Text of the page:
Many people avoid treadmills because they are “bad for your knees”. Oh really? Running on a treadmill helped me recover from an injury in my past and I’ve never had an issue with it. At the same time, I’ve noticed that running on cement sidewalks felt significantly more taxing than running on asphalt. So I decided to put them to the test – Cement vs. Treadmill, in a battle of surfaces.
To test this out, I did some running on both, and of course, some research.
First, let’s go through the research. It’s easy, because there isn’t any. No research comparing a treadmill’s surface to concrete exists that I’ve been able to find (help anyone?). I found some blog posts about running on a treadmill vs. running outside, but they’re very unscientific and don’t really apply. So, it looks like we’re going to be on our own for this one.
What we can do is look at what happens on a treadmill that doesn’t happen while you’re running on a static surface – on a treadmill, the belt is moving toward you. If you are heel striking, this can have dramatic results. The belt literally moves you backwards, eliminating your need to pull your leg forward with your hamstrings and glutes. The difference can be even more pronounced if you’re running on a treadmill that does not have cushioning beneath the belt. This can leave you with underdeveloped hamstrings and muscle imbalances, leading to injury.
However, if you are forefoot striking, this effect is dramatically reduced, because you’re running with a higher cadence and because of the mechanical differences in your stride. Our takeaway? Don’t heel strike on a treadmill, or you’re asking for even more trouble than you are by running outside.
When you’re running outside, there are many surfaces to run on. Grass, dirt, mulch, gravel, sand, asphalt, and cement are some of the things that might come to your mind when thinking about it. Obviously, some of these surfaces are softer than others and put less stress on your body, regardless of form. And I’d definitely recommend running on a softer surface, if possible, regardless of form.
But we are not here to talk about grass today, we’re talking about concrete. And concrete is not a soft surface by any stretch of the imagination. One of the best arguments against barefoot running I’ve ever come across is “our ancestors didn’t run on concrete”.
Why am I focusing on concrete? Because if you live in a city, it’s hard to avoid sidewalks. And while it’s be better for your body to run on asphalt, running through traffic is more likely to injure you than any form of running. So, sometimes you’re stuck with concrete. But have no fear! If you’ll recall my previous article about the science behind forefoot striking, if you’re running on your forefoot, you’re significantly less likely to injure yourself from an overuse injury. And overuse injuries are caused by excessive stress on your body.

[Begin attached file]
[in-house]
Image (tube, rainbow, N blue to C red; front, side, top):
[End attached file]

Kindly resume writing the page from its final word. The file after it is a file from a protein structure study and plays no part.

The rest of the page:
There are also additional benefits to running outside that you can’t get from a treadmill. Running outside provides you with constant variation in terrain, hills, obstacles, and other random unforeseen things. On a treadmill, you’ll be running the exact same speed, at the exact same incline, on the exact same surface. Initially, this seems more appealing. However, running on uneven terrain forces your body to constantly adapt to the surrounding conditions, which strengthens your muscles and improves your coordination in ways that you can’t achieve on a treadmill.
So, where are we at? We know these things:
- Common sense tells us that concrete is definitely harder than a treadmill belt, but we don’t have scientific evidence of exactly how much
- Forefoot striking puts significantly less stress on your body than heel striking
- Treadmills can cause (depending on your form) muscle imbalances, leading to injury
- Running outside, on any surface, strengthens your muscles in ways that a treadmill can’t
So the question becomes, does the difference in additional stress placed on your body by running on concrete cancel out the strength you gain from running outside, and is that overall stress less than running on a treadmill with a potential muscle imbalance?
I tested out and lived to tell you about it.
If you run in barefoot or minimalist shoes, you can feel that concrete is harder and you can feel yourself get tired more quickly. This is due to the constant adjusting your body has to do outside (remember, it’s good for you). I also had trouble maintaining my form on a treadmill, not because of the belt, but because of my depth perception. Even though I’m used to running on a treadmill (and in the past have done it quite a bit), it’s still difficult to not think you’re going to step off the front of the belt. It caused me to lean way back and threw off my form in embarrassing ways.
Knowing all this, we’re arrived at a place where we can make some recommendations.
- Despite it being a harder surface, if you are a forefoot striker, running on concrete is safer because it strengthens your body and prevents muscle imbalances.
- It’s much easier to maintain your form outside (concrete) than it is on a treadmill
- If you do run on a treadmill, don’t do it exclusively – make sure you get outside once in a while to keep your body strong.
- Don’t heel strike (OK – you caught me, I’m slipping this in. But seriously, heel striking on any surface is unsafe!)
*Note – I don’t address the psychological or mental health benefits of running outside in this article. It’s strictly about safety and injury prevention.